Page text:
Soros Scholar and Stony Brook grad student Agata Sorotokin knew her calling from the age of five, when she asked her mother to sign her up for piano lessons.
“When I was very young my parents took me to a local piano studio recital where children not much older than I was performed a series of short pieces,” explains Agata. “As soon as I discovered that people could learn to make music in such a versatile way, I asked my mother for lessons.”
Her years of dedication paid off this past April when the Yale graduate was named one of 30 recipients nationwide of the Paul and Daisy Soros Fellowships for New Americans. The Soros Fellowships, established in 1997, award $90,000 to immigrants and children of immigrants to complete graduate studies in the United States. Applicants may propose graduate work in any discipline and are selected based on their potential to make significant contributions to American society, culture or their academic field.
“Words cannot describe how grateful and honored I am to have received the Fellowship,” said Agata. “This generous award will enable me to apply my multi-faceted approach to music in a professional setting. One of the most valuable aspects of the Fellowship is the community it forges among the recipients. I’ve already become good friends with a Russian composer from the class of 2015. I can’t wait to meet more of the recent Fellows this fall and hear their stories.”
At Stony Brook she will pursue a master’s degree in piano performance under Professor of Piano and Director of Performance Activities Gil Kalish, and Associate Professor, Piano, Chamber Music and Piano Pedagogy Christina Dahl.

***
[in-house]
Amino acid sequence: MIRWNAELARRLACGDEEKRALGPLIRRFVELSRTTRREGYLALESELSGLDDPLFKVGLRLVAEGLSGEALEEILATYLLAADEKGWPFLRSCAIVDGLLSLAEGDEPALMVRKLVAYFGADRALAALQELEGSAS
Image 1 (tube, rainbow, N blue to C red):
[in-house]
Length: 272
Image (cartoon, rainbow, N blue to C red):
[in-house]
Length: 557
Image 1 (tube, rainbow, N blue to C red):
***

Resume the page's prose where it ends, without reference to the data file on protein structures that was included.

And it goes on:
Agata’s path to Stony Brook wound through a series of summer festivals she attended over the past decade, where she crossed paths with some of the music department’s faculty members during her formative years. She met Kalish at the Music@Menlo Chamber Music Festival in California when she was just 11 years old.
“The coachings I received from him had a profound impact on me — both as a musician and as a human being,” she says. “I’ve never forgotten something he once said: ‘Be a sponge; soak up as much as you can in the next three weeks. And, most importantly, right before you go on stage, forget everything that you’ve been told and just play your heart out.’”
Agata met Dahl, who will be her other teacher at Stony Brook, earlier this year.
“Tina’s intellectual curiosity and artistic energy struck me right away,” she said. “I look forward to working with Gil and Tina on a regular basis and soaking up their multi-faceted musical wisdom.”
Born in Rochester, New York to two engineers who had emigrated from Moscow after the collapse of the USSR, Agata eventually interwove her piano studies with other artistic activities. She grew up acting in a Russian amateur theater group, singing in several choirs, and visiting art museums. These creative experiences served to enrich her playing and would eventually inspire her work as a composer.
“The Oxford English Dictionary identifies translation as ‘transference of energy from one point of space to another, an onward motion that carries a force,’” said Agata. “For more than a decade now, I have dedicated my energies to this kind of transformative movement and have channeled my art in a variety of translational modes: musical interpretation, cultural bridging, literary rendering, and, most recently, the composition of original new music.”
Agata’s goal at Stony Brook is to advance her training as an instrumentalist and to seek out like-minded colleagues who care deeply about intertwining the new with the old. She also intends to grow as a composer and write new works for other musicians.
“I aim to continue synthesizing the modes of translation that draw me,” she said. “My comparative literature studies at Yale pushed me to realize that words can do more than supplement music. This year, I composed and staged a song cycle that is based on a selection of twentieth-century Russian poems by Osip Mandelstam and Olga Sedakova. I won’t be surprised if I find myself directing similar projects at Stony Brook.”